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(io9)   Coolest highest resolution picture of the Arctic polar ice cap you'll see ever - because the ice is disappearing faster than big oil PAC money during the election's hot phase   (io9.com) divider line 55
    More: Sad, polar ice cap, Arctic, Northwest Passage, sea ice, political action committees, image processing, Canadian Arctic, Arctic polar  
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4009 clicks; posted to Geek » on 19 Jun 2012 at 10:43 PM (2 years ago)   |  Favorite    |   share:  Share on Twitter share via Email Share on Facebook   more»



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2012-06-19 10:32:02 PM  
in before either side gets here
YAWNNNNNNNNNNNNNNNNNNNNNNNNNNNNNNN
 
2012-06-19 10:48:59 PM  
Why are the coastlines the same in all those pictures?
 
2012-06-19 10:53:06 PM  

s2s2s2: Why are the coastlines the same in all those pictures?


Because the images have been faked by an international cabal of global warming conspirators that can haz all your monies. Just ask GeneralJim when he gets here.
 
2012-06-19 10:53:21 PM  

s2s2s2: Why are the coastlines the same in all those pictures?


Centrifugal force sends all the extra water to the equator/tropics. I just bought a beach house in Burkina Faso.
 
2012-06-19 10:57:45 PM  

hypnoticus ceratophrys: s2s2s2: Why are the coastlines the same in all those pictures?

Because the images have been faked by an international cabal of global warming conspirators that can haz all your monies. Just ask GeneralJim when he gets here.


Me vote.
Funny you.
 
2012-06-19 10:59:18 PM  

Giltric: s2s2s2: Why are the coastlines the same in all those pictures?

Centrifugal force sends all the extra water to the equator/tropics.


That's what she said. And by she, I mean your mom.
 
2012-06-19 11:18:07 PM  
Maybe we should just cut/paste the comment section from the link and save the time of rehashing the same old melodrama?
 
2012-06-19 11:20:44 PM  
Ice always melts faster in the summer of an election year.

/Booze evaporates more quickly too.
/Coincidence?
 
2012-06-19 11:20:45 PM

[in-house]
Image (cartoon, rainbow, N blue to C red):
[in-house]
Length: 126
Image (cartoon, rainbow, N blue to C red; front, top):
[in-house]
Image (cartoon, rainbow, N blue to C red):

I can see my house and David Lee Roth!
 
2012-06-19 11:20:57 PM  
Much of it melts every summer, then returns with winter.

And no matter how many times this cycle repeats, you still hear "OMG WHAR ICE GO?" in several articles each summer.
 
2012-06-19 11:21:37 PM  
Don't be silly, the big oil PAC money won't disappear until the price of oil falls.
 
2012-06-19 11:26:02 PM  
Two Words: Northwest Passage, baby
 
2012-06-19 11:26:41 PM  
How would you measure the amount of ice that was lost in the polar summer and returned in the polar winter....10k years ago? Or even 100 years ago?
 
2012-06-19 11:43:12 PM  

Giltric: How would you measure the amount of ice that was lost in the polar summer and returned in the polar winter....10k years ago? Or even 100 years ago?


Best we have is satellite data from 1978 to 2009.

I'm sure some geologists may have opinions, though.
 
2012-06-19 11:44:00 PM  

J. Frank Parnell: Much of it melts every summer, then returns with winter.

And no matter how many times this cycle repeats, you still hear "OMG WHAR ICE GO?" in several articles each summer.


Arctic ice cap in 1980
Arctic ice cap in 2012

So, what you're saying is that we live in Westeros and are currently in the middle of the longest summer ever?
 
2012-06-19 11:44:11 PM  

Giltric: How would you measure the amount of ice that was lost in the polar summer and returned in the polar winter....10k years ago? Or even 100 years ago?


Oxygen isotopes from Antarctic ice cores.
 
2012-06-19 11:52:54 PM  

LouDobbsAwaaaay: Maybe we should just cut/paste the comment section from the link and save the time of rehashing the same old melodrama?


BORING

NEW DRAMA!!!!
 
2012-06-20 12:10:15 AM  

s2s2s2: Why are the coastlines the same in all those pictures?


Assuming this is even moderately serious:

Arctic sea ice is already floating on the ocean, and as such doesn't displace much* water when it melts, and its contribution to SLR is minimal. The real concern is that it's a high albedo (one of the highest on Earth) substance being replaced by one of the lowest, increasing the planet's energy imbalance. There are also potentially non-trivial impacts to regional atmospheric circulation, AMOC strength, sunlight available for primary productivity, etc[1].

There are density differences between fresh and salt water that actual mean melting floating ice results in a small but calculable increase in sea level[2].

[1] Maslowski, W., J. Clement Kinney, M. Higgins, and A. Roberts (2012), The Future of Arctic Sea Ice, Annual Review of Earth and Planetary Sciences, 40(1), 625-654, doi:10.1146/annurev-earth-042711-105345.
[2] Noerdlinger, P. D., and K. R. Brower (2007), The melting of floating ice raises the ocean level, Geophysical Journal International, 170(1), 145-150, doi:10.1111/j.1365-246X.2007.03472.x.
 
2012-06-20 12:19:48 AM  
Clearly, this is a result of the accelerating rise in global surface temperature averages that we've seen over the last 15 years.

www.woodfortrees.org

Oh wait....

/cue the tards that don't know that it's possible to cool after a period of warming.
 
2012-06-20 12:23:51 AM  

hypnoticus ceratophrys: s2s2s2: Why are the coastlines the same in all those pictures?

Because the images have been faked by an international cabal of global warming conspirators that can haz all your monies. Just ask GeneralJim when he gets here.


Climatologists have been scamming us for years to keep that sweet gravy-train of research grants and bling rolling in.

Noted climatologist:

www.blogcdn.com
 
2012-06-20 12:24:53 AM  

Jon Snow: s2s2s2: Why are the coastlines the same in all those pictures?

Assuming this is even moderately serious: